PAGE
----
Is Open-Source Cooking Poised to Take Off?

facebook, github, twitter, pinterest, social media, social networks, recipesFork the Cookbook has launched a Github for chefs, where users share their adjustments to others’ recipes.

Software developers use the term “fork” to describe different customization branches that develop from the same open-source code. In a clever pun, Fork the Cookbook takes this idea and applies it to recipe-sharing, a popular use of Web publishing and sharing tools.

The company describes its project as the “digital equivalent of margin scribbling.”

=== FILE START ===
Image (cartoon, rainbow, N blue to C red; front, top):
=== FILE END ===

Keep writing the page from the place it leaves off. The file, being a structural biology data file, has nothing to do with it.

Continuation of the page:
Fork the Cookbook isn’t the first startup to allow users to annotate content on the Web for their own use, but it has found a fitting vertical in which to do so.

Users who fork a recipe can easily share it to Facebook, Twitter or Google+. One has to assume Pinterest integration will come soon.

The site launched quietly in mid-January and a redesign launched earlier this week. Fork the Cookbook came about as a pivot of a dinner-party social network of sorts. A participant in one of the dinner parties suggested that there be a way to socialize after the dinner.

The Sydney, Australia-based team promises a search feature next. Use of the site is currently free, and the company says it’s considering revenue-share models with recipe-posters.

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